Coming a month and a half before the spring equinox and two months before Passover, Tu BiShvat provides a glimmer of springtime at a time when winter can often be at its cruelest.
My mother died on Shabbat Shirah, the Sabbath when Moses and the children of Israel sang while Miriam the Prophet led everyone in dance after crossing the sea to freedom.
According to traditional Jewish belief, the Sabbath has its origin in God’s divine command to observe the seventh day as a day of rest and sanctification.
We who have become cynical,
Whom life has raised its tough first
Of despair and
Disappointment and heartache
We who have learned to protect our souls
And toughen our hearts
To avoid more anguish
Next week at this time, I’ll be stepping into the mikveh, the Jewish ritual bath. It’s been a yearlong journey that will lead me to that holy space, one I’ll enter as a former Catholic/not-quite-Jew and exit as a Jewish woman – no longer an outsider.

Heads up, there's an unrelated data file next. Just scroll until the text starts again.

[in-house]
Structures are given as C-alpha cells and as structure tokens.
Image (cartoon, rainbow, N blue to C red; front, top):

When I witnessed a gun homicide, I struggled with how best to incorporate my own mourning and my sense of community loss into my Jewish worship.
There are many reasons to celebrate Tu BiSh’vat this year, as this has been an exciting year for environmental justice.
...all the artisans who were engaged in the tasks of the sanctuary came, from the task upon which each one was engaged, and said to Moses, "The people are bringing more than is needed for the tasks entailed in the work that the Eternal has commanded to be done."